Thus the attack on Douaumont and Vaux resulted in a real victory, attested to by the reoccupation of all the ground lost since the 25th of February, the capture of 15 cannon and more than 6000 prisoners. This, too, despite the orders found on German prisoners bidding them to ‘hold out at all cost’ (25th Division), and to ‘make a desperate defense’ (von Lochow). The French command, encouraged by this success, decided to do still better and to push on farther to the northeast.

The operations of December 15 were more difficult. They were directed against a zone occupied by the enemy for more than nine months, during which time he had constructed a great network of communication trenches, field-railways, dug-outs built into the hillsides, forts, and redoubts. Moreover, the French attack had to start from unfavorable ground, where ceaseless fighting had been in progress since the end of February, where the soil, pounded by millions of projectiles, had been reduced to a sort of volcanic ash, transformed by the rain into a mass of sticky mud in which men had been swallowed up bodily. Two whole divisions were needed to construct twenty-five kilometres of roads and ten kilometres of railway, make dug-outs and trenches, and bring the artillery up into position. All was ready in five weeks; but the Germans, finding out what was in preparation, had provided formidable means of defense.

The front to be attacked was held by five German divisions. Four others were held in reserve at the rear. On the French side, General Mangin had four divisions, three of which were composed of picked men, veterans of Verdun. The artillery preparation, made chiefly by pieces of 220, 274, and 370 mm., lasted for three full days. The assault was let loose on December 15, at 10 a.m.; on the left the French objectives were reached by noon; the whole spur of Hardaumont on the right was swiftly captured, and only a part of the German centre still resisted, east of Bezonvaux. This was reduced the next day. The Côte du Poivre was taken entire; Vacherauville, Louvemont, Bezonvaux as well. The front was now three kilometres from the fort of Douaumont. Over 11,000 prisoners were taken by the French, and 115 cannon. For a whole day their reconnoitring parties were able to advance in front of the new liens, ddestroying batteries and bringing in prisoners, without encountering any serious resistance.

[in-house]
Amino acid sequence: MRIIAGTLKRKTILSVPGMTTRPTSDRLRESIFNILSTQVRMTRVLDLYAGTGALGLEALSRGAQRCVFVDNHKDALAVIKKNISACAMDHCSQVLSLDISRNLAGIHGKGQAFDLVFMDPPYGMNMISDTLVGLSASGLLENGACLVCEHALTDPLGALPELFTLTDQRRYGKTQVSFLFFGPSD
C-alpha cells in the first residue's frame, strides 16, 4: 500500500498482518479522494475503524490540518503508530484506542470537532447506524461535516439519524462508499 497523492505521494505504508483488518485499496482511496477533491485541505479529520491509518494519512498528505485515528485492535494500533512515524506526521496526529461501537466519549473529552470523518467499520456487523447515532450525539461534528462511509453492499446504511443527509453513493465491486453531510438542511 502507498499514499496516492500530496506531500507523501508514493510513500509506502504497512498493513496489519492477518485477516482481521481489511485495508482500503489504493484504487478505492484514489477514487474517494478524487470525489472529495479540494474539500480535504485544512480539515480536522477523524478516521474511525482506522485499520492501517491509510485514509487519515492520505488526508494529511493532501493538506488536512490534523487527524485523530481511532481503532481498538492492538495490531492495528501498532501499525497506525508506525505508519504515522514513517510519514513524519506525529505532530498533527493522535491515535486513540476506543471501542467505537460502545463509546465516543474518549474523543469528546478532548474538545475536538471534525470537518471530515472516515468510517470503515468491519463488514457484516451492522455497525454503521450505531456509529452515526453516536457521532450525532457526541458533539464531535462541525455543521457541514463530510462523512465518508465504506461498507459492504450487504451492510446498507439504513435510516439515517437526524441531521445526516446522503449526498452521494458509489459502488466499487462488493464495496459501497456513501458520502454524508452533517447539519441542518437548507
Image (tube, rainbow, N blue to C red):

The success was undeniable. As a reply to the German peace proposals of December 12, the Battle of Verdun ended as a real victory; and this magnificent operation, in which the French had shown such superiority in infantry and artillery, seemed to be a pledge of future triumphs.

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The conclusion is easily reached. In February and March Germany wished to end the war by crushing the French army at Verdun. She failed utterly. Then, from April to July, she wished to exhaust French military resources by a battle of fixation. Again she failed. The Somme offensive was the offspring of Verdun. Later on, from July to December, she was not able to elude the grasp of the French, and the last engagements, together with the vain struggles of the Germans for six months, showed to what extent General Nivelle’s men had won the upper hand.

The battle of Verdun, beginning as a brilliant German offensive, ended as an offensive victory for the French. And so this terrible drama is an epitome of the whole great war: a brief term of success for the Germans at the start, due to a tremendous preparation which took careless adversaries by surprise—terrible and agonizing first moments, soon offset by energy, heroism, and the spirit of sacrifice; and finally, victory for the Soldiers of Right.